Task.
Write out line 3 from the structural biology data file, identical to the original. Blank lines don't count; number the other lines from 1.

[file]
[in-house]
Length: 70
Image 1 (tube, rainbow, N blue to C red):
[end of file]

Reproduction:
Image 1 (tube, rainbow, N blue to C red):